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Windows 7: SSD - Fix Misalignment

SSD - Fix Misalignment

Published by whs
02 Jan 2012
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If the alignment of your SSD is not divisible by 4, you will suffer a noticeable performance degradation. On an SSD with an installed OS, this situation is not easily corrected. You can try the Paragon Alignment Tool, but I am not sure whether they will do the job without a fee.

The steps below and the program I use are completely free and a lot of fun. I hope it can help you when your SSD is in an unfortunate misalignment situation.


1. The fast method

1. Watch this video: Align Partition Easily with AOMEI Partition Assistant Free

2. Download the program from here: Free Partition Manager - AOMEI Partition Assistant Standard

3. In case you do not remember the steps, here are the 3 steps to take once you are in the AOMEI program:

Note: The operation may take a moment because it has to shove a lot of data around.



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2. The traditional Method

Step 1 - Transfer the bootmgr to C:

Note: This step only applies if you have the 100MB active System Partition - in case of a Dell system it may be the active Recovery Partition. If not, start with Step2.

Eliminating the 100MB active System Partition or the active Recovery Partition will make the job a lot easier and is prerequisite for the following steps to properly work. As first step we will move the bootmgr from the 100MB partition to the C: partition. This is extremely easy with EasyBCD. Follow the picture and the instructions below.






After "Perform Action" you will be prompted to select which letter you like to use as the new boot partition - C: will most likely already be selected as default. When you confirm the selection, EasyBCD will automatically:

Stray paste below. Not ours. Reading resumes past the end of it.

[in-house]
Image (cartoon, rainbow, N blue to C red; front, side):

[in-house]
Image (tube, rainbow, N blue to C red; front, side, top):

v Install the bootmgr to the selected partition
v Make the selected partition active
v Install the bootmgr to both the bootsector and the MBR of the selected partition
v Copy all entries from the old boot partition to the newly-selected one
v Update partition references to work with the new boot partition

Step 2 - Image your system

This is the most important step because it will be your only lifeline. I recommend to use free Macrium or free Paragon for imaging. Make sure you have a good image - better even, make two identical images on two different disks.

Step 3 - Delete the volume

For this and the following steps we will use Command Prompt (cmd) from your installation or recovery disc. In fact, you can use an installation or recovery disks from any system - it need not necessarily be from the system you work on. We only need a cmd.

Once you have opened cmd, run these commands:

Diskpart (Do not exit from Diskpart until all steps are done)
List disk
Select disk n (where n is the number that was given for your SSD in List disk)
List Partition
Select Partition=0
Delete Partition (that will give you unallocated space for the first partition on the SSD)

Note: If you have the 100MB system partition, you just deleted that one. You now have to Select and Delete for Partition=1 to get rid of the OS partition.

Option: If you want to reset the SSD to factory state, you could run a Secure Erase before you start with the Diskpart steps. In that case you would skip Step 3 and start with Step 4 after the Secure Erase. The first command for Step 4 would then be Diskpart.

Step 4 - Define an aligned partition

Select disk n (same as above)
Create partition primary align=1024
Active

Step 5 - Format the new partition